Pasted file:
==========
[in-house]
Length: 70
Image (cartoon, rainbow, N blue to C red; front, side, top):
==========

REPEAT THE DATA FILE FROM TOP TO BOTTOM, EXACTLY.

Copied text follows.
[in-house]
Length: 70
Image (cartoon, rainbow, N blue to C red; front, side, top):